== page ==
Date: Sunday, 30 July 2017
THE African continent is often described as the promised last market — a clear destination for major industrial states and multinational corporations. The Dark Continent offers many investment opportunities and has huge reserves of wealth in the ground. It is a continent that is capable of absorbing all the investment opportunities it needs. It is in the urgent need of infrastructure and modern-life requirements, like airports, ports, electricity, railways, hospitals and sewage systems.
But the continent also faces many important challenges — the pervasive corruption, security constraints, political deterioration and the pliant judiciary.
I have the advantage to know about the continent as I am a member of a family with a history of long trade with Africa. Ali Shobokshi, my grandfather of my father who had the same name, traded with the east African countries in food and livestock and he died in Port Sudan and was buried there. My grandfather Hussein Shobokshi traded with Ethiopia and Eritrea and my father traded with Uganda and Tanzania. He had a good relationship with the leaders there. His political interactions and trade ties prompted him to write an important book, sharing his views and experiences about Africa.
Today China has embarked on a long-term plan to acquire the largest share in the African market, keeping in view the palpable indifference of the two traditional colonial powers that dominated the African market — Britain and France. One of the most important features of China’s Africa plan is that it does not measure the amount of investment in Africa in dollar terms but in the number of individuals. There was a plan to have 10 million Chinese permanent residents in the continent by 2010 and it succeeded.
As a result of the demographic change, some African countries — Zimbabwe, Ethiopia and Sudan — have become completely reliant on China for their economies. These countries completely depend on Chinese financing for metro in Addis Ababa, Ethiopia, oil companies in Sudan, major buildings in Khartoum, and many infrastructure projects in Zimbabwe.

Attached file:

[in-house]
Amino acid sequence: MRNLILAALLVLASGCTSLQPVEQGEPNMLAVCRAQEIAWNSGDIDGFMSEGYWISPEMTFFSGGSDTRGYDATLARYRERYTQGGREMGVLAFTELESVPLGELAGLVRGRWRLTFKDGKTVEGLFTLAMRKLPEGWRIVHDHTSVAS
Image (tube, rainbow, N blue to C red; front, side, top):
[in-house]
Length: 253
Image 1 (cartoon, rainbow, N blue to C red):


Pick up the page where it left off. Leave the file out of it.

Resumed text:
Japan also recently entered the market, announcing a very ambitious plan for long-term investment in the Dark Continent. These opportunities come amid American confusion over economic policies toward the continent. There are four major economies in the continent: South Africa, Ethiopia, Nigeria and Ghana. There are a number of other important economies, which cannot be ignored, such as Algeria, Morocco, Guinea, Tanzania, Uganda and Kenya with some opportunities in different countries.
East Africa offers the greatest opportunities for Saudi Arabia and other Arab countries to continue the old and successful Hadrami investment in agricultural and real estate. They have very important and successful sale in coffee, tea, fruits and vegetables in Ethiopia, Tanzania, Sudan, Kenya and Uganda. For these areas, India is also betting as it has historical presence since the days of British colonialism. There is a promising, far-reaching and important outcome that has been made available to communications, contracting, mining, banking and agriculture companies in more than one African country.
The ancient history of Arab-African trade and geographical proximity makes Arabs the most likely partner to succeed with the African continent, but the importance of changing the style and way of dealing remains. Europe is out of date and there is no chance for market growth there, Asia is overcrowded, and America is expensive. Africa offers an important opportunity to invest and achieve remarkable returns, but it does not receive enough recognition and attention.